"Most of them will say to us, 'It was kind of neat at first, but I'd really like to see what I used to see, which is the big packs,' " Talladega president Grant Lynch told The Roanoke Times of customer reaction he’s heard on the pairs racing. "I like that probably better myself.'' 

The strategy of hanging in the back of the field for the majority of the event and then making a move for the lead in the latter stages of the race has also come under fire. 

Fans pay to see drivers “race,” something that is not being done when they drop anchor at the drop of the green flag and simply go on a Sunday drive for most of the afternoon. It goes against what the sport is supposed to be about and that is to get to the front as fast as possible and stay there. 

The perception of the head to the rear philosophy is that drivers simply are not trying. Strategy or not, the idea is something fans don’t want to watch and its understandable if some who bought a ticket for Sunday’s race or watched on television felt cheated by the experience. 

The tandem racing also brought into light another major hot button topic over the weekend regarding team orders and drivers being told who they had to race with and weren’t able to help. 

Now it’s not the first time since the advent of plate racing that we’ve heard drivers accuse one another of reneging on deals to draft when it came down to nitty gritty time. 

The very nature of racing at Talladega has always been about wheeling and dealing and being on the lookout for drafting partners. More often than not those alliances disappear when the checkered flag comes into sight. 

But the process has seemingly become much more premeditated today with individual race teams and manufacturers dictating who their drivers can and cannot work with in the draft. 

It came to a head when Trevor Bayne agreed to run with Jeff Gordon in the closing laps only to bail in favor of Ford stable mate Kenseth. 

Bayne said he was the victim of being caught in the middle while his team co-owner Eddie Wood reiterated there wasn’t any pre-race plan in place for Ford drivers only to work with fellow Blue Oval mates.

And Jack Roush, despite the official Ford Racing website stating otherwise, vehemently denied any such plan was in place with a statement of his own. 

The bottom line is manufacturers and teams do dictate how drivers behave on the race track putting the men behind the wheel in compromising situations that certainly have an impact on winning or losing. 

So the laundry list of what’s wrong with restrictor plate racing today definitely outweighs what’s right, which is an odd statement in light of Clint Bowyer edging Jeff Burton by .017-seconds to win Sunday’s race.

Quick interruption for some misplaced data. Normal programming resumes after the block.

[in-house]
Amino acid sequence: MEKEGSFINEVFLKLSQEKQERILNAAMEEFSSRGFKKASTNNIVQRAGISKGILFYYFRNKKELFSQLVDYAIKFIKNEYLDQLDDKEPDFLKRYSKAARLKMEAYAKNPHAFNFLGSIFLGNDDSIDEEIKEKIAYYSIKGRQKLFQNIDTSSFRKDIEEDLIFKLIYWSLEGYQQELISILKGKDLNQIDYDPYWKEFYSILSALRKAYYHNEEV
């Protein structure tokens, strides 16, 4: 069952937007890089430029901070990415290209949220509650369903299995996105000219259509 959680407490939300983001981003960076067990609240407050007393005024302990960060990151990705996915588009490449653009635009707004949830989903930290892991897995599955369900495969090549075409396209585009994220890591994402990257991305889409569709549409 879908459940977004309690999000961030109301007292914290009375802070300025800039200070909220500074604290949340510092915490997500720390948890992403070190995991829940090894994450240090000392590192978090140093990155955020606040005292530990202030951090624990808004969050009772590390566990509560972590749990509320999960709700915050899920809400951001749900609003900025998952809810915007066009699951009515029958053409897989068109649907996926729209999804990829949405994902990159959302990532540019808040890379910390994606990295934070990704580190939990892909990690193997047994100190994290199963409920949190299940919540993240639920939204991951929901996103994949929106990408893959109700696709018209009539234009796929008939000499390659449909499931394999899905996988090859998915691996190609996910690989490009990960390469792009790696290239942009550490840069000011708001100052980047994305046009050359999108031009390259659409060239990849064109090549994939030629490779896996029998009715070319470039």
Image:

However while the finishes of recent Daytona and Talladega races have been close and exciting, the journey to get there is fraught with troubles.

But what can be done to address these issues and “fix” the problems? 

Good question.

"You have to be very careful because the cure could be way worse than the disease," said Robin Pemberton, NASCAR's vice president of competition. "We're here to make things as even as we can across the board but we do understand that the likelihood of [two-car drafts] gaining popularity is not there.''

Pemberton is probably right, but that’s not a comforting answer to thousands of unsatisfied race fans in the aftermath of Sunday’s trip to Talladega.


For more NASCAR news, rumors and analysis, follow @ppistone on Twitter or subscribe to the RSS feed.

 
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Posted on: October 25, 2011 11:36 am
 

Jack Roush says no "team orders" for Talladega

Posted by Pete Pistone

Team owner Jack Roush issued a statement Tuesday morning denying he gave any kind of "team orders" prior to the weekend's race at Talladega:

Oct. 25, 2011- Statement from Jack Roush, co-owner Roush Fenway Racing regarding Sunday’s Sprint Cup Race at Talladega:

“At Roush Fenway Racing we expect our individual drivers to make decisions that put themselves in the best position to win each and every race. That is a philosophy that we have lived by for over two decades, and one that we will continue to abide by going forward. 

"Of course, as in any team, we would prefer for our drivers to work together when possible. However, to be clear, we did not micromanage or dictate to any of our drivers, nor any other Ford drivers, how to race with other drivers at Talladega last Sunday.  There are unique codes that all drivers establish and have to live by on the track.  How they manage their code is up to our drivers as individuals. This weekend, there were no team orders, from myself or anyone at Roush Fenway, given to any of our drivers as to whom they could or could not choose to run with or assist, nor did I give similar directions or suggestion to any of the other Ford drivers.

“I’ve spoken with Trevor (Bayne) and understand that he was put in a situation requiring a split-second decision on the track and in his response to questions justifying his actions afterwards, where it was almost certain that not everyone was going to be satisfied.  Trevor is extremely talented, but it is still very early in his career. Over time he will grow to understand that in such a high-paced, competitive and hostile environment it is unlikely that all of his decisions will make everyone happy. I’m confident in his decision making, his ability and actions on the track, and I'm excited as we continue to move forward with his development."